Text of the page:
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Estrogenic activity assessment of environmental chemicals using in vitro assays: identification of two new estrogenic compounds.

Lascombe I, Beffa D, Rüegg U, Tarradellas J, Wahli W - Environ. Health Perspect. (2000)

Bottom Line: Environmental chemicals with estrogenic activities have been suggested to be associated with deleterious effects in animals and humans.However, these compounds were able to inhibit [(3)H]-E(2) binding to hER, which reveals a direct interaction with the receptor.In conclusion, the test compounds are estrogen mimics, but their molecular mechanism of action appears to be different from that of the natural hormone as revealed by the receptor/coactivator interaction analysis.

View Article: PubMed Central - PubMed

Affiliation: Institute of Animal Biology, University of Lausanne, Switzerland.

ABSTRACT
Environmental chemicals with estrogenic activities have been suggested to be associated with deleterious effects in animals and humans. To characterize estrogenic chemicals and their mechanisms of action, we established in vitro and cell culture assays that detect human estrogen receptor [alpha] (hER[alpha])-mediated estrogenicity. First, we assayed chemicals to determine their ability to modulate direct interaction between the hER[alpha] and the steroid receptor coactivator-1 (SRC-1) and in a competition binding assay to displace 17ss-estradiol (E(2)). Second, we tested the chemicals for estrogen-associated transcriptional activity in the yeast estrogen screen and in the estrogen-responsive MCF-7 human breast cancer cell line. The chemicals investigated in this study were o,p'-DDT (racemic mixture and enantiomers), nonylphenol mixture (NPm), and two poorly analyzed compounds in the environment, namely, tris-4-(chlorophenyl)methane (Tris-H) and tris-4-(chlorophenyl)methanol (Tris-OH). In both yeast and MCF-7 cells, we determined estrogenic activity via the estrogen receptor (ER) for o,p'-DDT, NPm, and for the very first time, Tris-H and Tris-OH. However, unlike estrogens, none of these xenobiotics seemed to be able to induce ER/SRC-1 interactions, most likely because the conformation of the activated receptor would not allow direct contacts with this coactivator. However, these compounds were able to inhibit [(3)H]-E(2) binding to hER, which reveals a direct interaction with the receptor. In conclusion, the test compounds are estrogen mimics, but their molecular mechanism of action appears to be different from that of the natural hormone as revealed by the receptor/coactivator interaction analysis.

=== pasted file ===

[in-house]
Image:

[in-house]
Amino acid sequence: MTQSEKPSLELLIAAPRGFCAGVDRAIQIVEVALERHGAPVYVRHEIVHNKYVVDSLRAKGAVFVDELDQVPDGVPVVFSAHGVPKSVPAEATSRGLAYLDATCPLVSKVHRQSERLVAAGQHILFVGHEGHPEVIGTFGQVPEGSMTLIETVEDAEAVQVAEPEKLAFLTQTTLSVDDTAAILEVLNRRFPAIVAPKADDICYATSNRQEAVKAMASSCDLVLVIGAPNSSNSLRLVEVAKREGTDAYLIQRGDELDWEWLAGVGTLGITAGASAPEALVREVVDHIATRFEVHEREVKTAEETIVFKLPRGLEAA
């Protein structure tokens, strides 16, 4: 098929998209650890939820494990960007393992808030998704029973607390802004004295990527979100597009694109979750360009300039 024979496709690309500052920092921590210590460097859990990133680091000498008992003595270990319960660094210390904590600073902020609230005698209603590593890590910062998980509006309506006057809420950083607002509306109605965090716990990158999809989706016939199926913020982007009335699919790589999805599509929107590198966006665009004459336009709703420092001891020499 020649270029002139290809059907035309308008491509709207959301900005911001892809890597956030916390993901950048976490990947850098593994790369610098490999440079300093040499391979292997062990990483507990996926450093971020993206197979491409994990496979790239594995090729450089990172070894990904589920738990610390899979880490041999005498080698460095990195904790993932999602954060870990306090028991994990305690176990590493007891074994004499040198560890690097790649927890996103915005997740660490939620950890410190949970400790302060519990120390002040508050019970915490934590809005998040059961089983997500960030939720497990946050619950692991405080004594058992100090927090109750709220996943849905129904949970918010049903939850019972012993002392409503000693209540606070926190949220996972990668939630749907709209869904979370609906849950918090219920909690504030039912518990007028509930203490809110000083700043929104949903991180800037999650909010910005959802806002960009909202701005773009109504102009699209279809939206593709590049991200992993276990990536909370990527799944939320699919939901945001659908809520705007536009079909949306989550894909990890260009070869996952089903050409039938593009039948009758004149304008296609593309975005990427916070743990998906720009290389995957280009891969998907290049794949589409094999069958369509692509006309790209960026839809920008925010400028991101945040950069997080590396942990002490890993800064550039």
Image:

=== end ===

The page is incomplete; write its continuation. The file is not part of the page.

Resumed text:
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Estrogenic activity assessment of environmental chemicals using in vitro assays: identification of two new estrogenic compounds.

Lascombe I, Beffa D, Rüegg U, Tarradellas J, Wahli W - Environ. Health Perspect. (2000)

© Copyright Policy
Related In: Results  -  Collection

Show All Figures
getmorefigures.php?uid=PMC1638169&req=5

Bottom Line: Environmental chemicals with estrogenic activities have been suggested to be associated with deleterious effects in animals and humans.However, these compounds were able to inhibit [(3)H]-E(2) binding to hER, which reveals a direct interaction with the receptor.In conclusion, the test compounds are estrogen mimics, but their molecular mechanism of action appears to be different from that of the natural hormone as revealed by the receptor/coactivator interaction analysis.

View Article: PubMed Central - PubMed

Affiliation: Institute of Animal Biology, University of Lausanne, Switzerland.

ABSTRACT
Environmental chemicals with estrogenic activities have been suggested to be associated with deleterious effects in animals and humans. To characterize estrogenic chemicals and their mechanisms of action, we established in vitro and cell culture assays that detect human estrogen receptor [alpha] (hER[alpha])-mediated estrogenicity. First, we assayed chemicals to determine their ability to modulate direct interaction between the hER[alpha] and the steroid receptor coactivator-1 (SRC-1) and in a competition binding assay to displace 17ss-estradiol (E(2)). Second, we tested the chemicals for estrogen-associated transcriptional activity in the yeast estrogen screen and in the estrogen-responsive MCF-7 human breast cancer cell line. The chemicals investigated in this study were o,p'-DDT (racemic mixture and enantiomers), nonylphenol mixture (NPm), and two poorly analyzed compounds in the environment, namely, tris-4-(chlorophenyl)methane (Tris-H) and tris-4-(chlorophenyl)methanol (Tris-OH). In both yeast and MCF-7 cells, we determined estrogenic activity via the estrogen receptor (ER) for o,p'-DDT, NPm, and for the very first time, Tris-H and Tris-OH. However, unlike estrogens, none of these xenobiotics seemed to be able to induce ER/SRC-1 interactions, most likely because the conformation of the activated receptor would not allow direct contacts with this coactivator. However, these compounds were able to inhibit [(3)H]-E(2) binding to hER, which reveals a direct interaction with the receptor. In conclusion, the test compounds are estrogen mimics, but their molecular mechanism of action appears to be different from that of the natural hormone as revealed by the receptor/coactivator interaction analysis.

Show MeSH
Related in: MedlinePlus